When walking south across the Sydney Harbour Bridge in the afternoon, the newly-completed 200 George Street glows gold among the mostly monochromatic CBD skyline. When the sun beams down on the building’s curving north and western facades they reflect back in a distinctive golden timber hue. This is no ordinary Sydney skyscraper.
It’s obvious even from a distance that 200 George is a Francis-Jones Morehen Thorp (FJMT) project. The firm’s affinity for timber and glass is well known and judging by their past successes with the materials alone, it could be argued that they use them together like none other in the country.
At 200 George it’s no argument because in this instance FJMT have used timber and glass in a way never before seen in Australia. The building is clad top-to-[almost]bottom in Australia’s first pressurised closed cavity façade with built-in timber venetian blinds for solar shading.
Specifically, the building envelope of the 37-storey tower contains approximately 16,000sqm of floor-to-ceiling Moisture-Maintenance Free, Sustainable, Closed Cavity Façade panels (M-free-SCCF) which are produced by architectural envelope specialists Permasteelisa Group. Fully automated timber venetians sit within the cavities of the panels and are controlled (opened and closed) by a building-wide IP network which offers sun-tracking, shadow management and integrated web based remote controls.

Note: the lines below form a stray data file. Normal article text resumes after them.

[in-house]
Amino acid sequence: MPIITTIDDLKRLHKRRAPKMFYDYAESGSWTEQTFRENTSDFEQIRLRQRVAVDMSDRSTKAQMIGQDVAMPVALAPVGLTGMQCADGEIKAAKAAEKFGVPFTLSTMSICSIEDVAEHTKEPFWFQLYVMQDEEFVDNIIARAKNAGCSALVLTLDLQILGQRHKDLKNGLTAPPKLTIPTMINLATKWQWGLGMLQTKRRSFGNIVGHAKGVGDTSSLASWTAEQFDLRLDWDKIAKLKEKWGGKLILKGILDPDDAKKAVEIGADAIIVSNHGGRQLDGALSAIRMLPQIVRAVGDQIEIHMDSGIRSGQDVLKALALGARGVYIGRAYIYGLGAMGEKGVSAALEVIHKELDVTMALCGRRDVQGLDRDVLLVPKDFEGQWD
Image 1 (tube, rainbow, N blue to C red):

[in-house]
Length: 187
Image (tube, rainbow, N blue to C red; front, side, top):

The dynamic shading device plays a key role in the management of the heat and light transfer into the building, whereby glare and solar radiation can be controlled depending on the location of the sun relative to the building whilst also maximising the view. The blind motor manufacturer, Somfy, produced a 365 day suntracker model for all parts of 200-George’s façade meaning the building’s effectively knows where the sun should be at all parts of the day.
Utilising KNX and a building-wide IP network the Somfy solution offers sun-tracking, shadow management and integrated web based remote controls. This ensures the occupants of the building will always have the right amount of natural light and balancing the needs of glare control and energy efficiency.
200 George’s M-free-SCCFs are a double skin façade (DSF) system consisting of an external layer of ultra-clear glazing and an internal insulating glass unit (IGU) separated by a sealed and pressurised cavity. Unlike traditional naturally ventilated DSFs, like the one at 1 Bligh Street for example, the M-free-SCCF is designed to have a slight air leakage so a small amount of dehumidified pressure can be pumped into the cavity to stop the ingress of dust.
This M-free-SCCF system achieves a similar performance to a traditional DSF system (a heat transfer coefficient of between 0,90 (blinds-down) and 1,20 (blinds-up)), but without the loss of net-lettable-area. To make a comparison, 1 Bligh’s DSF has a 600mm façade zone running around its floor plates while 200 George’s is closer to a 150mm zone, which is not far off a standard DGU.
200 George at night. Photography by Alexander Mayes and McKenna Morozer